This is an archive of a past course's class materials from 2011. Present "Games & Society" students should look elsewhere to find their coursework; consult your current syllabus for more information.
The designer and intstructor of this lab course, Jason McIntosh, has written notes and commentary about this course which may be of interest to other teachers. You can contact the author at email@example.com.
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Now that we’ve put a few weeks into cooperating over game design, let’s have a look at cooperation through gameplay. This week we’ll look at a couple of games where all the game’s players are on the same side, and work together to overcome obstacles that the game itself presents. We’ll play a videogame with carefully designed maps for the players to explore and enemies for them to face together, and we’ll play a board game which has its own ways of generating unexpected dangers and encouraging teamwork.
Yes, this is a change from our original schedule as I wrote it in September; we need to mash two weeks of co-op game study down to one. We’ve got a lot of gameplay and discussion to squeeze into our short class, so please read this page – if everyone comes to class prepared, we can get through it all before the island sinks and/or the zombies get us.
You should show up to class with a basic notion of how the board game Forbidden Island works. Use the links I provide below to help out with this.
As with our previous in-class tabletop studies, you needn’t have mastered (or even played) the game, but you should study enough so that you’ll have a idea where to begin once you sit down to play the game.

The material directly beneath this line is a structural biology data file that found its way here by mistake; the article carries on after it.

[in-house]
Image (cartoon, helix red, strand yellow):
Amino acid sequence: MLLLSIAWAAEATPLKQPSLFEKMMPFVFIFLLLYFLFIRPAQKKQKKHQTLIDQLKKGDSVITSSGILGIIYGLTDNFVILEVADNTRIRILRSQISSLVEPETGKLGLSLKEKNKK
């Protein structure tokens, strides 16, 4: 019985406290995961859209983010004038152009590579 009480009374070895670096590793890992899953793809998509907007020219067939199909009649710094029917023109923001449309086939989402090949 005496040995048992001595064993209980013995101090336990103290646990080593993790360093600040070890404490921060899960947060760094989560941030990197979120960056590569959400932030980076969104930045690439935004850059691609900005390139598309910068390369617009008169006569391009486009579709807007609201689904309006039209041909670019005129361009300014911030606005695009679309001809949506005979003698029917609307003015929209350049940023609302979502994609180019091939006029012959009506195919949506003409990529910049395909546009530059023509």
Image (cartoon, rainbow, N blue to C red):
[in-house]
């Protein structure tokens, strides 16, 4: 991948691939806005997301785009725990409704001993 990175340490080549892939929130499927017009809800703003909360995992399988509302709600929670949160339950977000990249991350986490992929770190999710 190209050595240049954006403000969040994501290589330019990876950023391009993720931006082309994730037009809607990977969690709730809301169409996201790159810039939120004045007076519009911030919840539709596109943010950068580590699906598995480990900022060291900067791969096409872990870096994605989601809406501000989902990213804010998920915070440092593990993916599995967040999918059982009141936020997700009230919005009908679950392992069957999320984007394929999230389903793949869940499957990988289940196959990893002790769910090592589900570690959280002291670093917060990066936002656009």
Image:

You don’t need any foreknowledge or experience with Left 4 Dead, but you can independently read up on it or play it, if you wish.
Right at the start of class, we’ll shuffle ourselves into play-groups of four, and then play one game of Matt Leacock’s Forbidden Island. The helicopter leaves the island at 4:15, so you’d best hustle.
Then we’ll move on to Valve’s Left 4 Dead. Due to obvious time and resource constraints, not everyone’s going to be able to play L4D – but everyone else will be able to watch, which is interesting in its own way. I encourage the audience to observe not just the game, but the way the players interact with it, and with one another.
We’ll play until the party succeeds (by reaching a safe house), or wipes out (tsk tsk), or until the clock hits 4:45. Then we’ll debrief and discuss the games we just played, and then you get a quiz.
Both the discussion and the quiz will ask you to compare and contrast this turn-based board game about swiping treasure from a sinking island with this real-time videogame about blasting your way through zombie hordes. (I must have put them into the same class for some reason, right?)
Again, you don’t need to memorize the rules, but you should at least have an idea of how the game works:
This ten-minute episode of Tom Vasel’s Dice Tower video series provides a comprehensive summary of Forbidden Island’s components and gameplay.
If you want to dive deeper than that, you may peruse the game’s printed rules, as a large PDF.
Rather than rely on randomness, I’d like to ask for volunteers to play Left 4 Dead in class. Please send me email (firstname.lastname@example.org) at least three hours before your section’s class meeting if you’d like to be put on the list.
Volunteers should be comfortable using an Xbox 360 controller for first-person shooter games, or at least be willing to fake it. Ideally, volunteers should not be so expert at L4D or other shooters that they can play with their eyes closed, because watching players breeze sleepily through the game is far less fun than watching them just barely squeak by. (Or fail horribly.)
If I get lots of volunteers, I’ll choose four randomly. If we have enough time, I might declare a break partway through and have the controllers passed on to other volunteers.
I’m gonna do my best to rig up two Xboxes on two displays, so we can have a four-player game using split-screen mode. If that doesn’t work out, we’ll fall back to a two-player game on the big screen.
Have you missed the quizzes? Take heart; there will be one at the end of this class. And that’ll be that for this meeting.